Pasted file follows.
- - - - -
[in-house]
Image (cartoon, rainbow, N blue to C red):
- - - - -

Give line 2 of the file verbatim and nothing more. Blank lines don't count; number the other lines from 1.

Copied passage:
Image (cartoon, rainbow, N blue to C red):